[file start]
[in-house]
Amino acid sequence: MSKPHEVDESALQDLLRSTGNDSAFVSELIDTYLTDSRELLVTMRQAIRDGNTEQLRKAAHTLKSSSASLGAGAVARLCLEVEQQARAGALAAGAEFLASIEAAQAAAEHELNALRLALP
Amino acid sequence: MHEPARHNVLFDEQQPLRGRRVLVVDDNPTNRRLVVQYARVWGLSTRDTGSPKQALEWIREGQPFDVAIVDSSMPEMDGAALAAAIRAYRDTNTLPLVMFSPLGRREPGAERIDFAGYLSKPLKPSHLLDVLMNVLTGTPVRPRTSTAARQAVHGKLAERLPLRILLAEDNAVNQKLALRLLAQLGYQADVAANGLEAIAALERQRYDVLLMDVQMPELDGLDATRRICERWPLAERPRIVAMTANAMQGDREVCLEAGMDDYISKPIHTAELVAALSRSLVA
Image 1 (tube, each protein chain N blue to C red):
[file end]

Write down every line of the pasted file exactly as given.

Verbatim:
[in-house]
Amino acid sequence: MSKPHEVDESALQDLLRSTGNDSAFVSELIDTYLTDSRELLVTMRQAIRDGNTEQLRKAAHTLKSSSASLGAGAVARLCLEVEQQARAGALAAGAEFLASIEAAQAAAEHELNALRLALP
Amino acid sequence: MHEPARHNVLFDEQQPLRGRRVLVVDDNPTNRRLVVQYARVWGLSTRDTGSPKQALEWIREGQPFDVAIVDSSMPEMDGAALAAAIRAYRDTNTLPLVMFSPLGRREPGAERIDFAGYLSKPLKPSHLLDVLMNVLTGTPVRPRTSTAARQAVHGKLAERLPLRILLAEDNAVNQKLALRLLAQLGYQADVAANGLEAIAALERQRYDVLLMDVQMPELDGLDATRRICERWPLAERPRIVAMTANAMQGDREVCLEAGMDDYISKPIHTAELVAALSRSLVA
Image 1 (tube, each protein chain N blue to C red):